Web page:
NCV Residents in the Media

Tuesday 10 January, 2012
by Jonathan Billingham

NCV Residents in the Media Peter DavisonPeter Davison came to live at NCV half way through 2011 and is undertaking a PhD in entrepreneurship at UNSW. Recently Peter appeared as a panellist for the Sky News program Technology Behind Business. The panel discussed entrepreneurial trends, as well as the mistakes and successes of many Australians who have followed their dream of leaving the 9-5 grind to start their own technology business. On top of his PhD studies, Peter is a co-founder of the start-up community Fishburners where he continues to be a mentor. Fishburners are entrepreneurs in community, helping each other to explore a new way of life, enable new ways of seeing the world and striving to use technology to create new markets. During the televised discussion Peter highlighted that there is an enlarging hive of Australian start-up technology companies that are already doing very well, even though they remain largely unknown to local markets. Fishburners is a way that entrepreneurs can connect with each other in a shared space to share lessons, people, ideas and resources.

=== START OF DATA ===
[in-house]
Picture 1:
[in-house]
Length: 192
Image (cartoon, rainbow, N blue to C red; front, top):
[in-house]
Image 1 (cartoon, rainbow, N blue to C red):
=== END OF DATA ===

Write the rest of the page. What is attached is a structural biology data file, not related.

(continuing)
Another member of the NCV community, alumnus Natasha Cheung (Resident of NCV in 2010) has also been in the media lately. Natasha studied a Masters of Development Studies at UNSW and is now working for World Vision in Thailand. In October Natasha was heavily involved in coverage of the Bangkok floods. Reporting from Northern Bangkok on CNN International, Natasha reported to the world the unfolding events as four-thousand-million cubic metres of floodwater approached Bangkok. This was ten times more floodwater than the city authorities and infrastructure were braced to cope with. In her report Natasha outlined the safety, transportation and supply problems faced by the 12 million residents of Greater Bangkok. NGO’s such as World Vision have been working with the government of Thailand to manage public safety as the county battles the worst flooding it has seen in half a century.